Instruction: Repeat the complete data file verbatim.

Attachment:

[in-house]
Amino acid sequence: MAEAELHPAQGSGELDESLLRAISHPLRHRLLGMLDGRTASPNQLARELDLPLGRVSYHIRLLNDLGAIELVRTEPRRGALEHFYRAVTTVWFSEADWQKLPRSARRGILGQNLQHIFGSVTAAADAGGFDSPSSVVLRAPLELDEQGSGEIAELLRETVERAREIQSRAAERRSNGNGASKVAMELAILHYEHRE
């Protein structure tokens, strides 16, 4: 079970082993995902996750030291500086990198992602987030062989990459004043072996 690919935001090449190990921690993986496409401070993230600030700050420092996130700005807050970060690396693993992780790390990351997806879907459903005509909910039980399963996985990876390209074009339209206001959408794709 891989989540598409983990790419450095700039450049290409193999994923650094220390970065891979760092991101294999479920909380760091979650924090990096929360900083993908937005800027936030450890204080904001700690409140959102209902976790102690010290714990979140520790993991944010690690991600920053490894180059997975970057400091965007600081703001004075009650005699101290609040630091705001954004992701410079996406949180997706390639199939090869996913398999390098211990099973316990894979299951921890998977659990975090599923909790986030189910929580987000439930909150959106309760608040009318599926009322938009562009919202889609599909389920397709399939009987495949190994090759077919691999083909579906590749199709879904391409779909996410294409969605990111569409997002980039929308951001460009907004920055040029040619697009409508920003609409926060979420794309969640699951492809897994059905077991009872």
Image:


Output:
[in-house]
Amino acid sequence: MAEAELHPAQGSGELDESLLRAISHPLRHRLLGMLDGRTASPNQLARELDLPLGRVSYHIRLLNDLGAIELVRTEPRRGALEHFYRAVTTVWFSEADWQKLPRSARRGILGQNLQHIFGSVTAAADAGGFDSPSSVVLRAPLELDEQGSGEIAELLRETVERAREIQSRAAERRSNGNGASKVAMELAILHYEHRE
């Protein structure tokens, strides 16, 4: 079970082993995902996750030291500086990198992602987030062989990459004043072996 690919935001090449190990921690993986496409401070993230600030700050420092996130700005807050970060690396693993992780790390990351997806879907459903005509909910039980399963996985990876390209074009339209206001959408794709 891989989540598409983990790419450095700039450049290409193999994923650094220390970065891979760092991101294999479920909380760091979650924090990096929360900083993908937005800027936030450890204080904001700690409140959102209902976790102690010290714990979140520790993991944010690690991600920053490894180059997975970057400091965007600081703001004075009650005699101290609040630091705001954004992701410079996406949180997706390639199939090869996913398999390098211990099973316990894979299951921890998977659990975090599923909790986030189910929580987000439930909150959106309760608040009318599926009322938009562009919202889609599909389920397709399939009987495949190994090759077919691999083909579906590749199709879904391409779909996410294409969605990111569409997002980039929308951001460009907004920055040029040619697009409508920003609409926060979420794309969640699951492809897994059905077991009872």
Image: